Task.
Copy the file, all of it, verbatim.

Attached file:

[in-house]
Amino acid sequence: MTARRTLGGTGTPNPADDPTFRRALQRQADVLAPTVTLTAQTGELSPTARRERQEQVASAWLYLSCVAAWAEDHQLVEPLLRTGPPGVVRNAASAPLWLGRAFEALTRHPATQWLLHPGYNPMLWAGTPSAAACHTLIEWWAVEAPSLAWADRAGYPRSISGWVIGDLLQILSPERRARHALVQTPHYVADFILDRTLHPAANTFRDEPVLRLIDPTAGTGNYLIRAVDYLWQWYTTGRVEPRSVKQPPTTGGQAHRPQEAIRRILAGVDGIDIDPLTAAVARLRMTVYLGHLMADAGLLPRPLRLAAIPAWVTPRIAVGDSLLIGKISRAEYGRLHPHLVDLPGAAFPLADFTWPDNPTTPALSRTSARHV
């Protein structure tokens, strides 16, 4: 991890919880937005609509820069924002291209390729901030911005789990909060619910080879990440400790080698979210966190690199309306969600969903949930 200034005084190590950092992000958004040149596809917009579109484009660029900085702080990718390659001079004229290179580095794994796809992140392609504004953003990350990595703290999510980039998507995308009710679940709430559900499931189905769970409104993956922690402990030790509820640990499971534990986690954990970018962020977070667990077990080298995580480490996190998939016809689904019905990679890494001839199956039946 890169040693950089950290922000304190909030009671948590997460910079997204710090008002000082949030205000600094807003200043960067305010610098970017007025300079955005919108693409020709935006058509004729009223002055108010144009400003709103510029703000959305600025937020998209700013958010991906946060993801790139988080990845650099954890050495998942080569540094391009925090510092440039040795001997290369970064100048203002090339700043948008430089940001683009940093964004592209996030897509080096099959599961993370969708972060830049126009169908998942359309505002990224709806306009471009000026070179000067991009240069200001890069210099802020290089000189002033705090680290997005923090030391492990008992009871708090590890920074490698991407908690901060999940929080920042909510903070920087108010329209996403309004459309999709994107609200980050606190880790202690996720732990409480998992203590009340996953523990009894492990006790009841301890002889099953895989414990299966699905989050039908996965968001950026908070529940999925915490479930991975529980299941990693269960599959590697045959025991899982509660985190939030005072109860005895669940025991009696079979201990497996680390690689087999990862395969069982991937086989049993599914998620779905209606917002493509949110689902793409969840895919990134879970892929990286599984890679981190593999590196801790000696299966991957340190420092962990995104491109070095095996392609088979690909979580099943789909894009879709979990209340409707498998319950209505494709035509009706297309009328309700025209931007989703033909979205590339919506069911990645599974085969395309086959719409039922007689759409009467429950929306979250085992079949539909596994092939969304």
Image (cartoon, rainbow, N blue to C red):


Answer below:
[in-house]
Amino acid sequence: MTARRTLGGTGTPNPADDPTFRRALQRQADVLAPTVTLTAQTGELSPTARRERQEQVASAWLYLSCVAAWAEDHQLVEPLLRTGPPGVVRNAASAPLWLGRAFEALTRHPATQWLLHPGYNPMLWAGTPSAAACHTLIEWWAVEAPSLAWADRAGYPRSISGWVIGDLLQILSPERRARHALVQTPHYVADFILDRTLHPAANTFRDEPVLRLIDPTAGTGNYLIRAVDYLWQWYTTGRVEPRSVKQPPTTGGQAHRPQEAIRRILAGVDGIDIDPLTAAVARLRMTVYLGHLMADAGLLPRPLRLAAIPAWVTPRIAVGDSLLIGKISRAEYGRLHPHLVDLPGAAFPLADFTWPDNPTTPALSRTSARHV
């Protein structure tokens, strides 16, 4: 991890919880937005609509820069924002291209390729901030911005789990909060619910080879990440400790080698979210966190690199309306969600969903949930 200034005084190590950092992000958004040149596809917009579109484009660029900085702080990718390659001079004229290179580095794994796809992140392609504004953003990350990595703290999510980039998507995308009710679940709430559900499931189905769970409104993956922690402990030790509820640990499971534990986690954990970018962020977070667990077990080298995580480490996190998939016809689904019905990679890494001839199956039946 890169040693950089950290922000304190909030009671948590997460910079997204710090008002000082949030205000600094807003200043960067305010610098970017007025300079955005919108693409020709935006058509004729009223002055108010144009400003709103510029703000959305600025937020998209700013958010991906946060993801790139988080990845650099954890050495998942080569540094391009925090510092440039040795001997290369970064100048203002090339700043948008430089940001683009940093964004592209996030897509080096099959599961993370969708972060830049126009169908998942359309505002990224709806306009471009000026070179000067991009240069200001890069210099802020290089000189002033705090680290997005923090030391492990008992009871708090590890920074490698991407908690901060999940929080920042909510903070920087108010329209996403309004459309999709994107609200980050606190880790202690996720732990409480998992203590009340996953523990009894492990006790009841301890002889099953895989414990299966699905989050039908996965968001950026908070529940999925915490479930991975529980299941990693269960599959590697045959025991899982509660985190939030005072109860005895669940025991009696079979201990497996680390690689087999990862395969069982991937086989049993599914998620779905209606917002493509949110689902793409969840895919990134879970892929990286599984890679981190593999590196801790000696299966991957340190420092962990995104491109070095095996392609088979690909979580099943789909894009879709979990209340409707498998319950209505494709035509009706297309009328309700025209931007989703033909979205590339919506069911990645599974085969395309086959719409039922007689759409009467429950929306979250085992079949539909596994092939969304």
Image (cartoon, rainbow, N blue to C red):